Knowing that Dempsey was abusive toward his wife, Brass assumes that the woman shot her husband in self-defense. Bill Pernin’s phone records prove that he has been having an affair with Joyce, and they wonder if Dempsey found out about the relationship and went after his wife. Pernin helped make the murder look like a suicide, but even after he is arrested for killing Dr Eller, Pernin refuses to give up anything on Joyce. Brass tries to speak to Declan again, hoping the boy will give them the information they need to prove that Joyce was holding the gun. Declan says his father was always abusive. The night he died, Dempsey pushed Declan down the stairs and started choking Joyce, and Declan couldn’t stop him. Brass realizes the truth before Declan can say it out loud, and he tells him not to say another word, but Declan doesn’t listen. He confesses to shooting his father, and he says he never felt better.

Paul Guilfoyle is a tremendous actor, and he always hits just the right note in every scene. The look on his face in the final scene with Declan is perfect. He’s convinced that he knows what happened that night, and he comes into the room feeling confident that his rapport with Declan will help him uncover the truth. However, as the scene continues, his expression transitions to confusion and then a dawning realization. You can see it in his eyes the moment he figures out what happened in that cabin, and his hand comes up as if he can physically stop Declan from confessing. The episode ends with a shot of Brass’s stunned face, and Guilfoyle never fails to impress me with how much talent he brings to the show and his ability to bring genuine emotion to even the smallest moments.

A far different father-son relationship is featured in “Brain Doe” as well, and the audience gets their first glimpse of DB’s son Charlie. As he revealed in “Bittersweet”, Charlie is a freshman at WLVU, and he’s on the basketball team. The young man comes to the lab this week to see his father, and he speaks with Nick. It’s fun to see DB’s son interact with part of his ‘work family’, especially since DB has taken on a paternal role with the younger members of the team. As Charlie finds out, DB’s methods at the lab are definitely similar to the way he helps run the family at home, and it’s a really interesting moment between the characters. DB comes in a minute later, and things get a bit awkward before Nick excuses himself to get back to work and leaves DB and Charlie alone.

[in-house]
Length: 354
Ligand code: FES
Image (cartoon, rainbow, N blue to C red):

DB is not pleased to learn that Charlie has been suspended from the basketball team for a game after he missed curfew, but he keeps his cool and tells the young man they’ll discuss the situation later. When DB and Charlie sit down to talk toward the end of the episode, the audience learns what happened. It would be easy for Charlie to be written as a typical, troublesome teenager—those are so very common on TV—but that isn’t the case here. Charlie missed curfew because he was out bouldering alone, and he confesses to his father that he feels like an outcast around the rest of the team. DB says Charlie is the weird new guy on the team, and he can relate since he’s the weird new guy in the lab. This earns a laugh, and DB encourages Charlie to apologize to his coach and work hard during the next game. The relationship between father and son is really touching, and I’m glad we finally got a chance to see DB in ‘action’ as a parent, so to speak. Brandon Jones is a great choice for the role, and I hope we haven’t seen the last of Charlie. The next item on my wishlist is to see DB’s wife on screen—their phone conversations have me curious about just what kind of woman married DB Russell.

Elsewhere, the wheels are being set in motion for Marg Helgenberger’s upcoming exit from the series. Sheriff Liston comes to see Catherine and asks how she’s doing. Catherine says she’s fine, but Liston reveals that she’d be angry if she got demoted and had no immediate chance for advancement. Liston says, “Sometimes you have to move out to move up,” and she tells Catherine about a great opportunity in Washington, DC, where the Senate Judiciary Committee is planning to establish a Forensic Science Commission. They need a full-time staffer who is an expert in the field, and Liston recommended Catherine for the position. The sheriff points out that it can be difficult for women in law enforcement, and she gives Catherine the phone number so she can think it over and make her decision soon. I’m not sure if Catherine will take the job, but it would be an interesting way to write her out of the series while giving the audience a satisfying sense of closure. As much as I love DB as a character and as a boss in the lab, it was disappointing to see Catherine demoted in the wake of the Nate Haskell fiasco. If she moves to Washington, DC to work for the FBI, it would definitely allow the character to leave on a high note.


See also: “Brain Doe” episode guide